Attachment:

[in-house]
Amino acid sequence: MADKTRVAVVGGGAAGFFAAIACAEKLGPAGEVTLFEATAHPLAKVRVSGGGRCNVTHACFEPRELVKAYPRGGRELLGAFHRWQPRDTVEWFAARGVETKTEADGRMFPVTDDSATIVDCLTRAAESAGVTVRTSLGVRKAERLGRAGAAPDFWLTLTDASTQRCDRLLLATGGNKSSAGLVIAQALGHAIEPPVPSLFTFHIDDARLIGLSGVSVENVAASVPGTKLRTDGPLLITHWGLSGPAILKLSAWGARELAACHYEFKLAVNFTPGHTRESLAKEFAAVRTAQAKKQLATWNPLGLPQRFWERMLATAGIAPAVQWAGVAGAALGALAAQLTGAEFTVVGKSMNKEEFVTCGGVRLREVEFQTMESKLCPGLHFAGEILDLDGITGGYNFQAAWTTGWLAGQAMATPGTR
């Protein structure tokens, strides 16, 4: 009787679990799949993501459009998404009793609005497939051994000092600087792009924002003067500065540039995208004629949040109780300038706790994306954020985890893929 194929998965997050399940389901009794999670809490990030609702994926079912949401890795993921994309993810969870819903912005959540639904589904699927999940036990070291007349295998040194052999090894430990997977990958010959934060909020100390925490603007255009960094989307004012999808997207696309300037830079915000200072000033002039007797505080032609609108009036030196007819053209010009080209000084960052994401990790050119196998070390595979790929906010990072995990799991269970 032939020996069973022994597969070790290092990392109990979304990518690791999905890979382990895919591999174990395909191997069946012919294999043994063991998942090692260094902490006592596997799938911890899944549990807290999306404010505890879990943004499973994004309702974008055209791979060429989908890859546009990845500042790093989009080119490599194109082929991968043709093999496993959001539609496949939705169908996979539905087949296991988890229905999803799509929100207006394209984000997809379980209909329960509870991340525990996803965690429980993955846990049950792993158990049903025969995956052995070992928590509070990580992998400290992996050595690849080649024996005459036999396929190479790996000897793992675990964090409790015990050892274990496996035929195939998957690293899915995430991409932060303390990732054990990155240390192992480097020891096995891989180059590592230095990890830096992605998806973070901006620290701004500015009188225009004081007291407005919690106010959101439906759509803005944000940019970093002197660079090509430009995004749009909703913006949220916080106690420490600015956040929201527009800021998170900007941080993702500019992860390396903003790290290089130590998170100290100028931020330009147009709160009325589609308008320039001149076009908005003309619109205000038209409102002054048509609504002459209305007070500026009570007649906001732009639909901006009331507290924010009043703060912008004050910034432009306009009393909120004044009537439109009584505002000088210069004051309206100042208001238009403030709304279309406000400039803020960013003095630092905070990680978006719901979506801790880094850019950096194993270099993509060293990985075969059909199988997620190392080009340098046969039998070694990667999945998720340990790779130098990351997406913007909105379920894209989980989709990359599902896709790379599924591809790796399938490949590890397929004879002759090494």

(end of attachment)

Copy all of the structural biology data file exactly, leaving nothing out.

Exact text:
[in-house]
Amino acid sequence: MADKTRVAVVGGGAAGFFAAIACAEKLGPAGEVTLFEATAHPLAKVRVSGGGRCNVTHACFEPRELVKAYPRGGRELLGAFHRWQPRDTVEWFAARGVETKTEADGRMFPVTDDSATIVDCLTRAAESAGVTVRTSLGVRKAERLGRAGAAPDFWLTLTDASTQRCDRLLLATGGNKSSAGLVIAQALGHAIEPPVPSLFTFHIDDARLIGLSGVSVENVAASVPGTKLRTDGPLLITHWGLSGPAILKLSAWGARELAACHYEFKLAVNFTPGHTRESLAKEFAAVRTAQAKKQLATWNPLGLPQRFWERMLATAGIAPAVQWAGVAGAALGALAAQLTGAEFTVVGKSMNKEEFVTCGGVRLREVEFQTMESKLCPGLHFAGEILDLDGITGGYNFQAAWTTGWLAGQAMATPGTR
């Protein structure tokens, strides 16, 4: 009787679990799949993501459009998404009793609005497939051994000092600087792009924002003067500065540039995208004629949040109780300038706790994306954020985890893929 194929998965997050399940389901009794999670809490990030609702994926079912949401890795993921994309993810969870819903912005959540639904589904699927999940036990070291007349295998040194052999090894430990997977990958010959934060909020100390925490603007255009960094989307004012999808997207696309300037830079915000200072000033002039007797505080032609609108009036030196007819053209010009080209000084960052994401990790050119196998070390595979790929906010990072995990799991269970 032939020996069973022994597969070790290092990392109990979304990518690791999905890979382990895919591999174990395909191997069946012919294999043994063991998942090692260094902490006592596997799938911890899944549990807290999306404010505890879990943004499973994004309702974008055209791979060429989908890859546009990845500042790093989009080119490599194109082929991968043709093999496993959001539609496949939705169908996979539905087949296991988890229905999803799509929100207006394209984000997809379980209909329960509870991340525990996803965690429980993955846990049950792993158990049903025969995956052995070992928590509070990580992998400290992996050595690849080649024996005459036999396929190479790996000897793992675990964090409790015990050892274990496996035929195939998957690293899915995430991409932060303390990732054990990155240390192992480097020891096995891989180059590592230095990890830096992605998806973070901006620290701004500015009188225009004081007291407005919690106010959101439906759509803005944000940019970093002197660079090509430009995004749009909703913006949220916080106690420490600015956040929201527009800021998170900007941080993702500019992860390396903003790290290089130590998170100290100028931020330009147009709160009325589609308008320039001149076009908005003309619109205000038209409102002054048509609504002459209305007070500026009570007649906001732009639909901006009331507290924010009043703060912008004050910034432009306009009393909120004044009537439109009584505002000088210069004051309206100042208001238009403030709304279309406000400039803020960013003095630092905070990680978006719901979506801790880094850019950096194993270099993509060293990985075969059909199988997620190392080009340098046969039998070694990667999945998720340990790779130098990351997406913007909105379920894209989980989709990359599902896709790379599924591809790796399938490949590890397929004879002759090494």